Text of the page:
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ORIGINAL ARTICLE
Year : 2022  |  Volume : 4  |  Issue : 2  |  Page : 152-158

Child and Adolescent Service Intensity Instrument Development in Japan: Initial Psychometrics and Use


1 Wakayama Prefecture Mental Health and Welfare Center, Wakayama, Japan
2 Department of Psychiatry, University of Florida, Gainesville, Florida, USA
3 Higashiosaka City Support Center for Persons with Disabilities, Higashiosaka, USA
4 Miyagi Psychiatric Center, Natori, USA
5 Kawasaki City Center for Child and Family Services, Kawasaki, USA
6 Mie Prefectural Medical Center for Growth, Development, and Disability, Tsu, USA
7 Kyoto University School of Public Health, Kyoto, Japan
8 Osaka Psychiatric Medical Center, Hirakata, Japan, Japan
9 The Reading Hospital and Medical Center, West Reading, Pennsylvania, USA

Correspondence Address:
Yoshiro Ono
Wakayama Prefecture Mental Health and Welfare Center, 2-1-2 Tebira, Wakayama, 640-8319
Japan
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Source of Support: None, Conflict of Interest: None


DOI: 10.4103/wsp.wsp_28_22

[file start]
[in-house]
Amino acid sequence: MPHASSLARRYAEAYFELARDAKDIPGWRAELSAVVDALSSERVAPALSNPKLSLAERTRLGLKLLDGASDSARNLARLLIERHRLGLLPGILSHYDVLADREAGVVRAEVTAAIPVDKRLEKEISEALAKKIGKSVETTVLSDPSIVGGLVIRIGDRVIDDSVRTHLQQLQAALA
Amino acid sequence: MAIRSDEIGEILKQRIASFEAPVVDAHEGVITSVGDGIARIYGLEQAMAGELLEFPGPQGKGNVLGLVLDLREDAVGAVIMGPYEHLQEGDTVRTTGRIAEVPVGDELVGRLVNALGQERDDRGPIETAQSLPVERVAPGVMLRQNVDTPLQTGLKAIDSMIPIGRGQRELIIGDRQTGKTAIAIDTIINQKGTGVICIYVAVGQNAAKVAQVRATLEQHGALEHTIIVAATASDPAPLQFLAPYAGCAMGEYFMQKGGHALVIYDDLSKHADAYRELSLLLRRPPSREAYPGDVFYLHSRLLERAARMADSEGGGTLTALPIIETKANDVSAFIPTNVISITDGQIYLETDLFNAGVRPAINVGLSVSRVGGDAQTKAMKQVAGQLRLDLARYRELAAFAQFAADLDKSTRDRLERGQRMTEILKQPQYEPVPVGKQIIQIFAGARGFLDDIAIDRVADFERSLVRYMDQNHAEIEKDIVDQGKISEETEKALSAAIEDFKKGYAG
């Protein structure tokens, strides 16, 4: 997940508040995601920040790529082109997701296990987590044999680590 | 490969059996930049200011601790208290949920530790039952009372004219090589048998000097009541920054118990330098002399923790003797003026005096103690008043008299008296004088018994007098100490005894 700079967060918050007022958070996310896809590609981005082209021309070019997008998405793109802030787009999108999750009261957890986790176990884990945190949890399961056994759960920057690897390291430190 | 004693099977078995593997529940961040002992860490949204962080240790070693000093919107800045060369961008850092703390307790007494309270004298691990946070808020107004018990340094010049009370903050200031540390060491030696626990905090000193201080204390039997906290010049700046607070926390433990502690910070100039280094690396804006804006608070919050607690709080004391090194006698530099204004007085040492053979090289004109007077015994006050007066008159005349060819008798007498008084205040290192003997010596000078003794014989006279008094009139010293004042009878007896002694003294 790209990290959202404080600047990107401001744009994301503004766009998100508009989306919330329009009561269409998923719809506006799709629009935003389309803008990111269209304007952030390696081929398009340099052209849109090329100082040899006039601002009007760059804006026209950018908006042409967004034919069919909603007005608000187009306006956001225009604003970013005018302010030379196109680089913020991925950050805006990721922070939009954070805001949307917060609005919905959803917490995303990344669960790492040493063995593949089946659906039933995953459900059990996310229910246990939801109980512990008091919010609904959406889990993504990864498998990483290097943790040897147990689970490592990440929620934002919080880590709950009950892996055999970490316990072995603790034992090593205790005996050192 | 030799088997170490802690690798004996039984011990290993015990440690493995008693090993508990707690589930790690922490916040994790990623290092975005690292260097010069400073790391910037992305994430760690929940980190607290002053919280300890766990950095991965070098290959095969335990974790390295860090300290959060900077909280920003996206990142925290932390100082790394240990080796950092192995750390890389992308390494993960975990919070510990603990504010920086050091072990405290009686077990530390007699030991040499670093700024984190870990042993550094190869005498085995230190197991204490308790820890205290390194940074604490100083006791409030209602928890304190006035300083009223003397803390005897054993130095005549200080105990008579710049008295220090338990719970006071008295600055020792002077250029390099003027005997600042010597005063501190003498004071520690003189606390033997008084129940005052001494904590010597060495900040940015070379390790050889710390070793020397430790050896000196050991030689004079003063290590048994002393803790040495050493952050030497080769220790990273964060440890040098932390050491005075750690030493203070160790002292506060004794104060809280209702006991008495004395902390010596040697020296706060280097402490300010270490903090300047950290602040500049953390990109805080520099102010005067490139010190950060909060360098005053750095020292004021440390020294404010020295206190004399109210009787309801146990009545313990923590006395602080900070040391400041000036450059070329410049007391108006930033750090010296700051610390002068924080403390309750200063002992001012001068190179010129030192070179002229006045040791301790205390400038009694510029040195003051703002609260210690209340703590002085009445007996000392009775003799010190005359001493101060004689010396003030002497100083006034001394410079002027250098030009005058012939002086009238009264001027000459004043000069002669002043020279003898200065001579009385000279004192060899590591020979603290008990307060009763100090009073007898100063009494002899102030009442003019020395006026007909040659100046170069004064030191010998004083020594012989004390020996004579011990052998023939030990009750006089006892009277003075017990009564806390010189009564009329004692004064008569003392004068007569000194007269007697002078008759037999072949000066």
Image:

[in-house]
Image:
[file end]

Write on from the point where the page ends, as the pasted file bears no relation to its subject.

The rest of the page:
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Objectives: Level of Care (LOC) determination is an important process of care planning for emotionally disturbed children and adolescents. As a tool of LOC determination, the Child and Adolescent Service Intensity Instrument (CASII) has been developed and tried to extend the usage out of the United States. As part of that effort, the CASII is currently being evaluated for its psychometric property in Japan. Methods: The CASII has been translated into Japanese, and then, 23 child psychiatrists and 70 nonpsychiatrist professionals who completed CASII training rated 7 vignettes to test inter-rater reliability. External validity was being evaluated by comparing the CASII ratings of 163 participants aged 6–17 against the Child Behavior Checklist (CBCL)/Youth Self-Report (YSR) and Child Global Assessment Scale (CGAS). Results: Inter-rater reliability among psychiatrists showed intra-class correlation coefficients ranging from 0.63 to 0.91 and those by nonpsychiatrists from 0.42 to 0.80. Cronbach's alpha was higher than 0.97 for both psychiatrists and nonpsychiatrists. The CASII ratings and LOC determination for 145 participants were significantly correlated with the Actual LOC and ratings of CBCL/YSR and CGAS except for the Internalizing Problem scores. There was no significant difference between LOC Recommended and Actual LOC. Conclusions: The Japanese version of the CASII showed fairly good inter-rater reliability and validity to use in the practice of mental health as well as child welfare in Japan.


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